Aurélien Gâteau

Qt Image Decoders Stepping on Each Others

written on Friday, March 30, 2012

A weird bug

In December last year, Falk Krönert filled a strange bug: Gwenview failed to load some PNG images, which other applications were able to display flawlessly. I couldn't reproduce it back then with Gwenview 2.7.3, so couldn't dig any further.

Falk did not give up so easily though. After further investigations, he discovered the bug only happened with images whose width would be 2560 or 2808. Since I still couldn't reproduce it, he provided me with a QEmu image of his openSUSE installation so that I could investigate (now that is one dedicated bug reporter!)


Running the QEmu image, I was finally able to reproduce the bug. I started investigating, installing the necessary packages to build Gwenview and my beloved cgdb, learning how to use Zypper in the process.

Step one, an image format from the past...

I quickly discovered Qt was not able to discover the image format of the PNG. The code looked like this:

QBuffer buffer;
buffer.setBuffer(&mData); // mData contains the first 256 bytes of the image;

QImageReader reader(&buffer);

mFormat = reader.format();
if (mFormat.isEmpty()) {
    return false;

In the case of this image, "mFormat" was supposed to contain "png", but it was empty instead.

In case you are not familiar with Qt image plugin code, it works like this: Qt provides a base class, QImageIOHandler, which image decoders must inherit from. so there is a QJpegHandler, a QPngHandler and so on. Some of these handlers are provided by Qt directly in, others are provided by Qt and kdelibs (and possibly others) as plugins installed in "plugins/imageformats".

Here is QImageReader::format() code:

QByteArray QImageReader::format() const
    if (d->format.isEmpty()) {
        if (!d->initHandler())
            return QByteArray();
        return d->handler->canRead() ? d->handler->format() : QByteArray();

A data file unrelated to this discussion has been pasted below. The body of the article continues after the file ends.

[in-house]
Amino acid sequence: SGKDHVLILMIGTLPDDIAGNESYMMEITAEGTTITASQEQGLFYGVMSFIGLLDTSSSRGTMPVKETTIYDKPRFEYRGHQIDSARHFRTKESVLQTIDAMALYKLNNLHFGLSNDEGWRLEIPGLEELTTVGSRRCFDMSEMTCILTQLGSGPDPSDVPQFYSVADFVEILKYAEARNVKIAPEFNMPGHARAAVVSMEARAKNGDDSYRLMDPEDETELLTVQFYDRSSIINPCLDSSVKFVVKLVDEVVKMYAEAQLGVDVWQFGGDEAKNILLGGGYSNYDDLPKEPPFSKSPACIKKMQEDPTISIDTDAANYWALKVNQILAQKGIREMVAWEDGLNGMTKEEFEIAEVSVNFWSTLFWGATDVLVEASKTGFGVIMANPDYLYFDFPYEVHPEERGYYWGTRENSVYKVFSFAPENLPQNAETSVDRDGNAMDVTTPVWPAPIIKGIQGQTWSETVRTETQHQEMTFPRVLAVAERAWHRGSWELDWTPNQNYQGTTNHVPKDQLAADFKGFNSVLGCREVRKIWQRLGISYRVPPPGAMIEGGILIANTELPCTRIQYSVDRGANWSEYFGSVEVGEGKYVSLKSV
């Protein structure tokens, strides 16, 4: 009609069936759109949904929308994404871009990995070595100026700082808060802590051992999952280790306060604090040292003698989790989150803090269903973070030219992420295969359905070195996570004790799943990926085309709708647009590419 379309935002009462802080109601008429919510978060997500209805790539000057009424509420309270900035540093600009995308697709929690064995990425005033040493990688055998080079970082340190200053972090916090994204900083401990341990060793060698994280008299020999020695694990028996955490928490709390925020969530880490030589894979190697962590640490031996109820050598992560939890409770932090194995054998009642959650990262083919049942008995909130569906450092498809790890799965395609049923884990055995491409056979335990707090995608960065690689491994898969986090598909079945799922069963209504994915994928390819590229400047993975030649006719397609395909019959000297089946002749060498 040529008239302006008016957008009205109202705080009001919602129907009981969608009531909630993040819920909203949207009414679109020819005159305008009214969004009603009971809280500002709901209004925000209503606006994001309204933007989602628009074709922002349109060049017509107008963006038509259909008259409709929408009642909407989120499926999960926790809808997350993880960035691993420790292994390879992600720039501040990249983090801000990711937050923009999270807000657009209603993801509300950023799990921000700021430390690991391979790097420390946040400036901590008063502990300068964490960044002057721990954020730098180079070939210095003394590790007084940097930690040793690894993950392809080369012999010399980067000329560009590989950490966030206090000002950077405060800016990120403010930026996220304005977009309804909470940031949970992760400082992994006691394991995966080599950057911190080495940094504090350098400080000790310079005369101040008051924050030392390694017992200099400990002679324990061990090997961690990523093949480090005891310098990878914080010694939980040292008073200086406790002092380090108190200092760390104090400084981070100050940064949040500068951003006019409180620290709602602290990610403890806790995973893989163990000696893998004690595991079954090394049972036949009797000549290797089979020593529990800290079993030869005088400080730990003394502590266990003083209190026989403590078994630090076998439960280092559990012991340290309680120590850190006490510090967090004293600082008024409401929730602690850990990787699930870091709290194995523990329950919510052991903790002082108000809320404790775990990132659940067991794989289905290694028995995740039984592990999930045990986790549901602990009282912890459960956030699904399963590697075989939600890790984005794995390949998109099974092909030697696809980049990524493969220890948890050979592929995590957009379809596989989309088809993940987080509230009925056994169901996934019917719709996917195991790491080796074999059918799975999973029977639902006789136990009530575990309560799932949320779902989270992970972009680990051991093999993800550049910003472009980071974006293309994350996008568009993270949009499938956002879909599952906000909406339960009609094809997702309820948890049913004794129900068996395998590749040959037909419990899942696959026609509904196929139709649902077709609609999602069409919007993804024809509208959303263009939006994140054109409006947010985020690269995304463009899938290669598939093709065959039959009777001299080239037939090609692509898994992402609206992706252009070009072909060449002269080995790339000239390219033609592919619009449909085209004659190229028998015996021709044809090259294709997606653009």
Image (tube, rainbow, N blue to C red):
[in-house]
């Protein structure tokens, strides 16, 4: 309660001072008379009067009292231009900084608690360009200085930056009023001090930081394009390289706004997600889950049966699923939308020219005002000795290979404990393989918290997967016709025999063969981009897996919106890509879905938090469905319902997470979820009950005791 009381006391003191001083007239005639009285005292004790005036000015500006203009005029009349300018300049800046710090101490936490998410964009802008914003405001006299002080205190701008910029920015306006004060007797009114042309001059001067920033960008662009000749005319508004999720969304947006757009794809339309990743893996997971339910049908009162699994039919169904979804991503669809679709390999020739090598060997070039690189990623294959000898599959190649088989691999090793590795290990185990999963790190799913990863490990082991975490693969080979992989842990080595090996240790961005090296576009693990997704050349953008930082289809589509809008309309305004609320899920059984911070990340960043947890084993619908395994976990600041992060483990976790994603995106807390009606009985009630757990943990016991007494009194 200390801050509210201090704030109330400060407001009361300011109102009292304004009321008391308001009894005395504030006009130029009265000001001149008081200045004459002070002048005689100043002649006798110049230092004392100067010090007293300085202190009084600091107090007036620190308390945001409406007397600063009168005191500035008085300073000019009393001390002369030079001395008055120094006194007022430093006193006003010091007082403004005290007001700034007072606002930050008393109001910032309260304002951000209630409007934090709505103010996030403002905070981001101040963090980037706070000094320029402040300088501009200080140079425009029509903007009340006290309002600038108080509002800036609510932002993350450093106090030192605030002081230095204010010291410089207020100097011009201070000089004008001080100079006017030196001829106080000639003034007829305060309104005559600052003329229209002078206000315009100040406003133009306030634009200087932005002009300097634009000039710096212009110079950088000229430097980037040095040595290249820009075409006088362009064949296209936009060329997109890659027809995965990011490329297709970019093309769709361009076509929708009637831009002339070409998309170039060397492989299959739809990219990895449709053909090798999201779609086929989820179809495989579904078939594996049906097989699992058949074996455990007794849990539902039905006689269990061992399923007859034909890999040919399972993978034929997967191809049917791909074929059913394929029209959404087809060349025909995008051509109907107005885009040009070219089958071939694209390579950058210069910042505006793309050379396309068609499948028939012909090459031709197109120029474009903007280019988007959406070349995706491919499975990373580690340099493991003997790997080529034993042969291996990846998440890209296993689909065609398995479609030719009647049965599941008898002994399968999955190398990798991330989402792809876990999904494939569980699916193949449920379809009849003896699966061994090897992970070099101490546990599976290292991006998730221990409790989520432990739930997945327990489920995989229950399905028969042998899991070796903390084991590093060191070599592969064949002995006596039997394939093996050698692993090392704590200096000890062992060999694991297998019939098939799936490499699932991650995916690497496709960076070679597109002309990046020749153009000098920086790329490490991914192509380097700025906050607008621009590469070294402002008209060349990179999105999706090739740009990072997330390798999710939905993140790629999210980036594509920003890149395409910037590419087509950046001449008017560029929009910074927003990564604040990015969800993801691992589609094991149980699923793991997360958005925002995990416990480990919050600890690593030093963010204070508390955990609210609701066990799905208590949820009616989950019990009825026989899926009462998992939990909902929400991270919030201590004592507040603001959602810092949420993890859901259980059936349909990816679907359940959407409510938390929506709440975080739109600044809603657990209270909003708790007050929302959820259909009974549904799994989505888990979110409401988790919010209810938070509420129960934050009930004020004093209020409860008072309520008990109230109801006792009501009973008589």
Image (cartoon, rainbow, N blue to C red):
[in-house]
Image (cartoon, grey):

return d->format;

Debugger was telling me d->handler was correctly created by initHandler(), but QPngHandler::canRead() was never called!

Quite puzzled by this, I finally resorted to place a breakpoint in QImageIOHandler constructor. Once I hit the breakpoints, I printed the backtrace, and was astonished to find myself inside the PCX handler provided by kdelibs! This explained why QPngHandler::canRead() was not called, QImageReader was calling PCXHandler::canRead(), which unsurprisedly returned false.

This does not explain how Qt decided the image was a PCX in the first place. To decide which handler to use, initHandler() calls all implementations of QImageIOHandler::canRead(), the first one to answer true wins. PCXHandler::canRead() implementation is not very selective: it returns true if the first byte of the image is 10 (According to Wikipedia it should be possible to check at least the first two bytes, need to look into this).

Here is an hex-dump of the first bytes of the PNG image:

89 50 4e 47 0d 0a 1a 0a  00 00 00 0d 49 48 44 52  |.PNG........IHDR|
00 00 0a 00 00 00 00 02  08 02 00 00 00 1b 8e 12  |................|

There are a few 10 (0a in the dump) values but the first byte is definitely not 10.

Maybe the PCX loader is looking at the wrong position? I decided to place a breakpoint in PCXHandler::canRead() and print device->pos(). Sure enough, it sayd the position was 18, instead of the expected 0... If you look at position 18 (starting from 0) in the dump there is indeed a 0a value.